Tuesday, April 05, 2016

"You have cancer" Those words hit me like a sledgehammer to my chest...

"You have cancer." Those words hit me like a sledgehammer to my chest. December was a difficult month for our family...and specifically for me. In the first few days of the month, I found a lump in my testicle that was later identified as being cancerous. After a surgery to remove it and an array of tests, I'm officially cancer free but it was a crazy couple of weeks and it really shook me. 

I didn't share this broadly back then because the word 'cancer' sounds like a death sentence. While I wasn't freaking out, everyone else would have and frankly, that would have just been more for me to deal with and I knew it wouldn't help. Cancer is especially scary when the words "You have..." come before it...but through the process, I learned that it doesn't have to be that way.

You see, I had testicular cancer which is very survivable with roughly a 98% survival rate but I didn't know that at the time. I just knew that I had cancer and that frankly, scared the crap out of me. A bit of research calmed me down a little but I still felt like I had this black cloud hanging over me. As I worked through the various doctors visits, I only gained certainty that I had cancer at first...then realized that all cancers are different and even within cancers of a certain region (like the testes or breasts), there are tons of factors and the reality is that most people - around 2/3s - survive cancer.

I'm not sharing this for sympathy - I'm doing great now and was back to 100% relatively quickly after we worked through the surgery in mid-December to remove the cancer, but rather, I'm sharing my story to let you know that finding out that you have cancer is not a death sentence. We should talk about it as a society to kill the stigma surrounding it and encourage more people to do proactive checks. Pretending cancer doesn't exist or that you won't get it only makes it worse.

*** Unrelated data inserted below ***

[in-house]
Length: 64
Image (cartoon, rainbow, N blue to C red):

When people don't know about the risk or how easy the checks for cancers like testicular cancer are...they don't check for it and that only gives the cancer more time to do damage to your body. I didn't know about self-checks and only found it by chance. Testicular cancer specifically occurs in men (obviously) between the ages 15-40 (not so obvious) which I had no idea about but wish I had. I had naively assumed that cancer was something that happened more commonly as we age...but that's not the case for all cancers.

That's what I wanted to say...and I know that more than anything, you're probably just feeling relieved right now. Somebody else had cancer but they made it, right? I'm glad it wasn't me. That works...almost. 40% of people will get cancer in their lifetime...that's a fact.

And 40% is no small number. Think about it - that's one in every 2.5 humans that will get cancer. Because of that, I encourage you to do a self check and to build that in to your regular routine. For men, it's easy to check for lumps - here's a quick (and humorous) video that shows you how...and for women, here is an intro video that explains self examination practices for breast cancer. There are plenty of videos on YouTube that provide additional details and perspective so please - take this quick step to get informed...then take action :)

These basic checks avoid what otherwise might be a more serious matter and give you what you need most to fight against cancer should it come to that - time. Let's drop the awkward or uncomfortable stigma around cancer and join together to take action today. Get informed and if you want to talk...I'm here.

1 comment:

Blessed said...

Your my hero!